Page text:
I'm very glad it's so easy to work on the Guzzi! For the most part, a decent mechanics tool set can get most of the bike apart, and parts (including the specialty tools) are surprisingly available online. I would just add, make sure ALL bolts are properly tightened! I've run into so many issues with loose/ loosing bolts because I was so exited to have the bike running again.

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Congrats on getting it back together and running properly.

I do think that one of the cool things about a Guzzi is that you can get more out of it with some basic tried and true mods. It is hard to get the same amount of improvement out of a modern Japanese engine, they are already pushing out most of what they are capable of. But a Guzzi engine isn't nearly as on the edge. So porting, a cam, more compression, better flow in and out, and you can feel the difference pretty clearly.

Anyway, congrats. Enjoy.

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My recent Japanese experience has been with GPz500s/Ninja 500Rs. They were hot-rodded by Kawi with good-sized carbs and reasonable cams, 10-something compression/4-valve heads and ports about as large as can be done. Young fellows are always seeking that big boost - and it just ain't there. 5%, maybe close to 10%  improvement with some free flowing cans, and air filter, a slight mod to the airbox and that is about it. They run about 53-54 HP at the rear wheel on dynos and given their relatively ancient architecture (in the Japanese world) dating to about 1985, combined with a long, whippy crank and thin cases and one soon finds the limits. I added WebCam (the old Webco) 245º cams, as one of my rockers ate the OEM intake cam. So  much for infallible Japanese engineering and manufacture.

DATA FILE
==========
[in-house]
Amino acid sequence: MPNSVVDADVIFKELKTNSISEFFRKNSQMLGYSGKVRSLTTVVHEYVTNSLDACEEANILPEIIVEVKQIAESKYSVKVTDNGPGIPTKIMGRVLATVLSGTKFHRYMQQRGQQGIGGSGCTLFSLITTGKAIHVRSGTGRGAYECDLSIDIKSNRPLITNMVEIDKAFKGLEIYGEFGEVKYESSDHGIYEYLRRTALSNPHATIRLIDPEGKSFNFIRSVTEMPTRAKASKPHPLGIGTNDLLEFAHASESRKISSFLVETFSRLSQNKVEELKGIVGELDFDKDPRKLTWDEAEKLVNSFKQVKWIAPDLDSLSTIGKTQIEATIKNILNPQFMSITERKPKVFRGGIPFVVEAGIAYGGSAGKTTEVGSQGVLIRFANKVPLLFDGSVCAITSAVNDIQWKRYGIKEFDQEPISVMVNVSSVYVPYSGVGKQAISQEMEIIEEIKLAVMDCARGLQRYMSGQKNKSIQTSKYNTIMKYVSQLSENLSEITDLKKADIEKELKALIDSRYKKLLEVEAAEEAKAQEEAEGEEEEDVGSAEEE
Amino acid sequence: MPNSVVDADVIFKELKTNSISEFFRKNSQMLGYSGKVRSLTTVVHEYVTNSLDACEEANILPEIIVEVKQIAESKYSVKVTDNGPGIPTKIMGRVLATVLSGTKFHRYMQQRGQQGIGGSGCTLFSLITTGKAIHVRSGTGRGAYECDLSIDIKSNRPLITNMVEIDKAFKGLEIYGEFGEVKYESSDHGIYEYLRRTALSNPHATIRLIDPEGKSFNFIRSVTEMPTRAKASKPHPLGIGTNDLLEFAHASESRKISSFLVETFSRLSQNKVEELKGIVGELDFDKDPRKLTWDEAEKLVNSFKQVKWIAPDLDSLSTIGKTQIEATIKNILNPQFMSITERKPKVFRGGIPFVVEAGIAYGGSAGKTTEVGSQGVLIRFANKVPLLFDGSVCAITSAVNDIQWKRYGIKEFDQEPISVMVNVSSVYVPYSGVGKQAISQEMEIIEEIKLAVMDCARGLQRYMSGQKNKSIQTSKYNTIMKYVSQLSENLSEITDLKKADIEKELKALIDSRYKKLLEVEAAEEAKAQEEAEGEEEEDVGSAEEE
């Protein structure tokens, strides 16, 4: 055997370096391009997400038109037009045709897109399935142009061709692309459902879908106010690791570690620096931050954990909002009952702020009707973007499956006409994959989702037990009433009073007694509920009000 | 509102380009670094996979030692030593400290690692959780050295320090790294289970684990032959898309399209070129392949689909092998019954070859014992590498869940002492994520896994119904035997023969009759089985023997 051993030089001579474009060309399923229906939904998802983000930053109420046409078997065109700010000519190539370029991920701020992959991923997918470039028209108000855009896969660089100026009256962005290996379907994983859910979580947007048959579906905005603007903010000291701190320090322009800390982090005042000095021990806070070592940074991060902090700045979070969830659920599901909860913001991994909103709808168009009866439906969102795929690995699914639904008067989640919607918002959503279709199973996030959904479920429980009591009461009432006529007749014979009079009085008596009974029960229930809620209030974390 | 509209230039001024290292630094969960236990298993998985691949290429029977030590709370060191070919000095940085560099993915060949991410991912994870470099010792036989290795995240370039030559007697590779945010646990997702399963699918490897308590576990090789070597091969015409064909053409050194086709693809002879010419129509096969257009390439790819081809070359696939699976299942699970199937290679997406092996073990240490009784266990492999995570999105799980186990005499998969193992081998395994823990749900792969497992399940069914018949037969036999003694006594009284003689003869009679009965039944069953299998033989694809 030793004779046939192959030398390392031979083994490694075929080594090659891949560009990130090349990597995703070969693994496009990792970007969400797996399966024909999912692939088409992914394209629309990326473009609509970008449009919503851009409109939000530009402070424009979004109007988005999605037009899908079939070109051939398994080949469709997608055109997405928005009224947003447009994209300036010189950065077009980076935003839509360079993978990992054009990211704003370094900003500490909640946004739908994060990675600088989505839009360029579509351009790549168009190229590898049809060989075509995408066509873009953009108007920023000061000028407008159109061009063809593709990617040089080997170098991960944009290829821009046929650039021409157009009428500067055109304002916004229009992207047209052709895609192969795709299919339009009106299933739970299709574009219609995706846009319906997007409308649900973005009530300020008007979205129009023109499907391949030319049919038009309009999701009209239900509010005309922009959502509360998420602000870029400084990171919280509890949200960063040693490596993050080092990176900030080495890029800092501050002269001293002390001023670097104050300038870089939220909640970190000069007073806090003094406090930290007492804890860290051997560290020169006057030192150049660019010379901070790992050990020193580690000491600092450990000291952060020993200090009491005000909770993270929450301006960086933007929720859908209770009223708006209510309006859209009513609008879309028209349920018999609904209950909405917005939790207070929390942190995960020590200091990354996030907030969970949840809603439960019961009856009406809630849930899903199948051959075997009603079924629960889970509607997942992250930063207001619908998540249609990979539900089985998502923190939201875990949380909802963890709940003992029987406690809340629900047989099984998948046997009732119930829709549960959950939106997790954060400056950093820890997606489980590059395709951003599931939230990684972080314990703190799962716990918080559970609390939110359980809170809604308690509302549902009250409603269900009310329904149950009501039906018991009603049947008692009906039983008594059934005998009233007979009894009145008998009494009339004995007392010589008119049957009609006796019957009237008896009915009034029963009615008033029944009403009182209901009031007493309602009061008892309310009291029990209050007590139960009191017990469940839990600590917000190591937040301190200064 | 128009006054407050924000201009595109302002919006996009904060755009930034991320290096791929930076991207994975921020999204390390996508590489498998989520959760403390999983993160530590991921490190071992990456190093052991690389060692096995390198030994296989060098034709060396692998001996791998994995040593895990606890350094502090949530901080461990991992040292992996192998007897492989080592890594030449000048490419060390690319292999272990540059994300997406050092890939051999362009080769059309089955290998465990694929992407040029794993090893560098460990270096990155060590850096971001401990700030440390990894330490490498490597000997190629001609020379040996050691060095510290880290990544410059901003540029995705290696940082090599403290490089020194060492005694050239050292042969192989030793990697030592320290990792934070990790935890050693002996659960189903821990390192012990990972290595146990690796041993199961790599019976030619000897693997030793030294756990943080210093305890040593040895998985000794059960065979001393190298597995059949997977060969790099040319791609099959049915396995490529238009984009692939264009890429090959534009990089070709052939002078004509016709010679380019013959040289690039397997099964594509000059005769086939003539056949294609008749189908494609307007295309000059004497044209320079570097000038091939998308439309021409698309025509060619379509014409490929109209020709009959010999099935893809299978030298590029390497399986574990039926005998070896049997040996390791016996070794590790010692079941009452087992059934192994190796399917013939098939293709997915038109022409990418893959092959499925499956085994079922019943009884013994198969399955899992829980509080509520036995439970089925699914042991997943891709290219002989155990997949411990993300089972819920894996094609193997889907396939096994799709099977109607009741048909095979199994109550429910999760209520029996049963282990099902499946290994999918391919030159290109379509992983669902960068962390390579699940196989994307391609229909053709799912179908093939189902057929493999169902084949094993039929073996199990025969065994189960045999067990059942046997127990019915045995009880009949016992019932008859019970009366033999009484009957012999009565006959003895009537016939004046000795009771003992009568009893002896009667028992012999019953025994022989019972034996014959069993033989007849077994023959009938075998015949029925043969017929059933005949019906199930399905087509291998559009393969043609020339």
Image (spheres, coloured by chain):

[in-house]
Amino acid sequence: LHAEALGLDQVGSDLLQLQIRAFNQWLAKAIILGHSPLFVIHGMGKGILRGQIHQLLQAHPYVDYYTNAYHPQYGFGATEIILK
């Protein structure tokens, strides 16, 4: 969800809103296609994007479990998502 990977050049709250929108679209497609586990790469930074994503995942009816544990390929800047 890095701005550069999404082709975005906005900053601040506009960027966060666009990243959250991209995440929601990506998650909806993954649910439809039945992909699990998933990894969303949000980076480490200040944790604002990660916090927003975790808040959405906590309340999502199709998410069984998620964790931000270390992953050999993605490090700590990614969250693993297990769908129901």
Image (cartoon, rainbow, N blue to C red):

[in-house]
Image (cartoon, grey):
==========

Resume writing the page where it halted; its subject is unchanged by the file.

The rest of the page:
Guzzis strike me as being more like an air-cooled slice of Chevy/Holden V8. Basic mods can net a nice boost, but there is real HP hiding in there if one cares to go in $earch of it. Looking at the airbox on my Ballabio, I see two snorkels poking out of it, but not running quite far enough forward to be entirely out of the heated air. Daydreaming, I see some red silicone car turbo hoses with perhaps short velocity stacks capping them. Probably no real boost, but they might look very cool.

Q for the cognoscenti: Is there an air filter that is a good ompromise of both flow and filtration? Very familiar with K&N, but they tend to flow better than they filter. Uni makes a Guzzi filter, but only for some of the pre-V11s.  

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3 minutes ago, LowRyter said:

po18- there is thread here about airbox mods.  Mainly three teardrops across the top of the box.

Cool. Will look it up.

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The best performance mods I've done is the crossover and pipes and the ECU flash. I did the airbox top removal and put the aluminum frame to hold the air filter in on one v11 and airbox on the other. Not a big difference performance wise. But I will admit the sound of the air sucking into the motor sounds pretty sweet. 

 

But the best perfomance upgrade? The ECU. It just unleashes the bike. 

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Might be a bit of showboating, but am checking to see if red silicone turbo hose can be run from the airbox inlets to the cool air above the oil cooler, so as to breathe "not heated" intake air. Oh, and maybe some alloy velocity stacks to cap it all off.

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4 minutes ago, po18guy said:

Might be a bit of showboating, but am checking to see if red silicone turbo hose can be run from the airbox inlets to the cool air above the oil cooler, so as to breathe "not heated" intake air. Oh, and maybe some alloy velocity stacks to cap it all off.

Fun! Seems some others have done similar. Certainly, drawing the intake air from right above the exhaust side of the cylinder heads makes for rough running sitting in traffic in high ambient temps.

Here is a bit of the fun I had bellmouthing my intakes . . .